Car safety experts want to make cars themselves a weapon in the fight against drunk driving. The system they propose – the Driver Alcohol Detection System for Safety (DADSS) – would check a driver's blood alcohol content (BAC) before allowing the car to start.
Researchers working with the Alliance of Automobile Manufacturers and the National Highway Traffic Safety Administration (NHTSA) will use unobtrusive sensors, likely embedded in a starter button or shift lever, to check a driver's blood-alcohol content. If the driver's BAC is over the limit, the DADSS would prevent them from starting their car.
Currently, 16 states require alcohol interlocks to be installed in cars primarily as a punitive measure. Convicted drunk drivers must blow in a tube to verify that they are sober before they can drive. The new detection devices would either check alcohol levels through the breath using remote sensors or by taking a reading from the skin, most likely on a fingertip.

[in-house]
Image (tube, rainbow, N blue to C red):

The American Beverage Institute argues that DADSS would create a zero tolerance atmosphere. The organization says the technology would have to be calibrated lower than .08 BAC to cover shifting levels as alcohol enters the blood stream.
NHTSA officials have stated they won't mandate the inclusion of detection systems in all cars. This could be to avoid the public outcry the agency generated in the 70s when it required the installation of technology that stopped cars from starting if seatbelts weren't fastened. Still, NHTSA is pushing for funding, requesting $24 million over two years. This would make it possible to equip 100 or more cars with prototypes by 2013.